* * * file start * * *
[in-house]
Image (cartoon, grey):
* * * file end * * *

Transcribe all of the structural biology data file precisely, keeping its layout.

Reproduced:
[in-house]
Image (cartoon, grey):